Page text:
The X Factor
In the hot season of 1990 I was working two jobs: I taught English to the staff of the Phuket Yacht Club from nine to five and I was the only English-speaking disc jockey on the island’s single FM radio station from eight to midnight. I wasn’t getting enough sleep but I was making great money and having the time of my life.
I was living with a bar girl named Gaew. I had met Gaew my third night on the island and we’d been together ever since, mostly because I was too nice a guy to kick her out. She was a heavy drinker and an angry drunk, a sloppy housekeeper, a prolific liar and a consistently losing gambler. Her only redeeming qualities were a pixie’s face and a docile compliance combined with a technical brilliance in bed, but even these laudable attributes had lost their luster for me because she frequently flew on autopilot. I’m an insecure guy and I need to know that a woman is thinking about me when we’re having sex. I need to know that she’s not just going through the motions while she plots revenge on the girl who took her money at cards that afternoon. Gaew had been on the job so long that her mind drifted a lot.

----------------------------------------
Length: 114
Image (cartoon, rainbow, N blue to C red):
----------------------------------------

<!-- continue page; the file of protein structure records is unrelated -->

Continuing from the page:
It was amazing what she could do without even thinking about it.
But I like to be the center of attention, so after about nine months together I gave Gaew a bus ticket to go back home to Nakhon Nayok for a month-long visit, hoping she’d get the idea and find a new place to live when she returned to Phuket. She jumped at the chance to hug her daughter and her Mom and show off her gold bracelets, and after I kissed her goodbye at the bus station I set about touring the bars and bringing home a different woman every night. I was very happy in that month. My house was cleaner, too.
I could eat breakfast and lunch for free at the Yacht Club, and it was during my employment there that I developed an addiction to crème brulee from which I still suffer. During the month that Gaew went upcountry I’d try dinner at various restaurants and bars, and on one occasion I discovered a little open-air bar in Kata Beach called The Druid Bar. I was drawn first by the sign hung over the sidewalk: Asterix and Obelix each with a naked cherubic Asian maiden on his lap.